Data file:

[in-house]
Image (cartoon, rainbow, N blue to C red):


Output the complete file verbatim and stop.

[in-house]
Image (cartoon, rainbow, N blue to C red):